One of the simple facts of life is that we all die, but in 2018 it seems like that too is off-limits for some of the world’s A-list celebrities. With hologram technology and CGI becoming more advanced, it is possible for dead singing icons and actors to be portrayed on stage and screen. From Tupac Shakur to Phillip Seymour Hoffman, and more topically Prince, it seems as if these talented individuals will continue to live on, but perhaps more realistically than is ethically correct.
The Super Bowl saw Justin Timberlake, one of the most talented performers of his generation, take to the stage for the half-time show. TMZ had reported days previously that he was going to use a hologram of Prince so that the two could perform together onstage at Prince’s home of Minneapolis, where the Super Bowl was taking place. It was set to be an homage to the late singer who died in 2016. However, as anybody who watched the half-time show could tell, Prince’s hologram made no appearance.
Prince’s former fiancé Sheila E had tweeted out her issues with the idea of Prince being portrayed as a hologram and said in an interview with the Associated Press: “Prince had told me … don’t let anybody do a hologram of him for religious reasons, so I just posted that if this happened it’s kind of messed up and not cool.”
The issue of people being shown in holographic form raises a question that is difficult to answer: who owns the dead? The main legal issue is the right of publicity to be associated with a particular artist. Yvette Joy Liebesman, an assistant professor at St. Louis University Law School, said in an interview with RFT Music: “So, if you’re putting out an album like Natalie Cole doing a duet with her father who’s been deceased for many years… obviously she has the rights somehow through her mother or her father. Obviously it wasn’t hard for her to get the permission to do this. Most of us aren’t that lucky if we want to do something like that.”
Justin Timberlake perhaps never would have had the legal standing to bring Prince on stage with him. In 2012, when the hologram of Tupac Shakur performed with Snoop Dogg and Dr. Dre at Coachella, his mother gave express permission to Snoop and Dre to use her son’s image. The two then donated money to the Tupac Amaru Shakur Foundation as thanks.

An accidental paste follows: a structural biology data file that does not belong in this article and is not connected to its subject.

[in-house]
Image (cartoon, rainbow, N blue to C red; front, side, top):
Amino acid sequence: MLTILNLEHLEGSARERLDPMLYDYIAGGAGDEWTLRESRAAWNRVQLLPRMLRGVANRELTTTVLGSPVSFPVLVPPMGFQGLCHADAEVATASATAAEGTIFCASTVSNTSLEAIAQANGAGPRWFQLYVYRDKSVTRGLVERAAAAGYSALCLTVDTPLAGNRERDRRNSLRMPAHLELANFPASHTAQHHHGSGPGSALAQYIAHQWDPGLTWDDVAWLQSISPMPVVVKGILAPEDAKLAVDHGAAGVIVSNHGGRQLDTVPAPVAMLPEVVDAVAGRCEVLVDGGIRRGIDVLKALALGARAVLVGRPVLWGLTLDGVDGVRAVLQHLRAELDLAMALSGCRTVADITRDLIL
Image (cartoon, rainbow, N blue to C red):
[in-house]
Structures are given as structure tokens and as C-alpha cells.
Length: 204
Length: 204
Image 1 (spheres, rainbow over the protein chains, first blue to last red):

Following Shakur’s ‘performance’ at Coachella, Marilyn Monroe was set to make a return in 2013 in the form of a hologram tour by Digicon Media. Her estate sent a cease and desist to the tech company as it infringed upon the Monroe’s intellectual property. Contrastingly, Roy Orbison’s estate gave the green light to Base Entertainment to tour a holographic version of the ‘Oh Pretty Woman’ singer. ‘Roy Orbison In Dreams – The Hologram Tour’ will reach Dublin’s 3arena in late April.
Could Elvis be next? Michael Jackson? Amy Winehouse? While it may appear to be an advancement in technology that should be welcomed, the whole area of celebrity holograms seems to have a general air of greed about it. Michael Jackson is the highest earning dead celebrity for the fifth year in a row. He earned $75 million in 2017 according to Forbes’ top earning dead celebrities of 2017 list. If his hologram was to go on tour, the earnings would be astronomical. The tour could potentially be in several venues at once, increasing the profit.
With actors, there is more room to manoeuvre as their wishes are generally more known compared to singers. Phillip Seymour Hoffman was shooting The Hunger Games: Mockingjay Part 2 when he passed away. As was Paul Walker for the seventh entry into the Fast and Furious franchise. Actors, in taking on roles, sign agreements which allow movie studios to use their brand to promote films. It is nearly always written into their contracts. Both actors were brought to the screens using CGI and special effects. They both had started filming the movies, and the technology was only used to complete their stories.
The Star Wars franchise used technology to digitally create Peter Cushing for Rogue One, which raised some eyebrows. The team behind the film decided to revive over re-cast, but perhaps they should have re-cast. Film studios need to trust the audience to understand that actors are actors, not the characters they play. Kathleen Kennedy, producer for the franchise, has assured fans that Carrie Fisher will not return for Episode 9, instead opting for the simpler write-off.
This area of entertainment is well and truly part of our world, despite it sounding like something that should be kept in a Black Mirror episode (Black Museum, anyone?). With more money being invested into singers and film franchises, it will continue to be part of the mainstream entertainment industry. While on a surface-level it seems like a positive thing, the dead still do not have a say. The most ethical thing is to let the dead be dead and enjoy the entertainment that is made for our time.
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